Prompt in Brief:
Offer a ~1000 word thesis on the meaning of a liberal arts education at Occidental College. Ground your argument in course readings and employ at least three of the following documents as evidence:
- Occidental’s Mission Statement
- The History of Civ Course Syllabi (1946 and 1969)
- The current website of the Core Program and its subpage on Learning Goals
- Syllabi from your current or past CSP courses
You are encouraged to use the first person (“I argue” vs. “This essay argues”) in order to avoid passive voice.
How to Get Started
Start with the evidence sources as a way to describe how teaching and learning happen at Oxy. When employing the above documents as evidence, consider the documents on its own terms and in relation to the others before cutting them up into quotes to suit your argument. Ask yourself, what interesting changes, tensions, differences, or themes can I find amongst these documents?
Next, ask which of the authors we’ve read can help me to make sense of these sources?
What I’m Reading For
This essay assignment allows students to analyze evidence sources in light of course readings to date. Specifically:
- Provide context for a reader who has not seen these documents. Explain what the document is and quote from it as needed. Always offer your own interpretation of the quotes you use rather than letting the quotes speak for themselves.
- Concepts and arguments from the readings should be fully explained. Don’t think of your professor as your reader. Instead imagine your reader is college educated but has not read these authors or been in our class discussions.
- Essays should have a clear thesis statement or argument and a “hook” that draws the reader’s attention to the relevance of the argument. This argument or thesis should reference concepts and arguments from the readings to date.
- Essays should also include a consideration of a counter argument or alternative perspective as a means to clarify the main argument.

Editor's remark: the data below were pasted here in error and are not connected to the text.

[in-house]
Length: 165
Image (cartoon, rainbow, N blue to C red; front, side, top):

- Essays should not be confusing or difficult to read. If you feel lost in a sea of your own words, ask a friend to read a draft and tell you where they need to re-read, where they zone out, or what doesn’t make sense.
Submit Essays as a pdf to firstname.lastname@example.org please use the file name LastName_Essay1.pdf
Stuck with a blank page?
- Start with the evidence documents
- Go back to your reading notes to identify issues that seemed important, interesting, provoking, or confusing
- Re-read your or others’ reflections
Citation Requirements and Styling
Essays should cite readings as they are used in the text using in text citations.
Only 2% of college students in the United States attend liberal arts colleges (Ferrall 2011).
Note that I cite Ferall even though I’m not using a direct quote, because he is my source for this statistic. If I quoted him exactly, I would also include the page number, like this: (Ferall 10, 2011).
At the end of the paper, include a works cited / bibliography page that includes full citations for all of the sources you’ve cited in the text. Since I’ve used ASA Style (American Sociological Association) in the Reading List, it makes sense to stick with that one and use it consistently.
Dewey, John. 1916. “The Democratic Conception in Education” pp. 81-99 in Democracy and Education. New York: The Free Press.
Occidental College. 2015. “The Core Program” Retrieved Feb. 10, 2015 (http://www.oxy.edu/academics/programs-majors/core-program).